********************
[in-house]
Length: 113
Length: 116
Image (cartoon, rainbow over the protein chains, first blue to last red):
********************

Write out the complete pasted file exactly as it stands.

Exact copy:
[in-house]
Length: 113
Length: 116
Image (cartoon, rainbow over the protein chains, first blue to last red):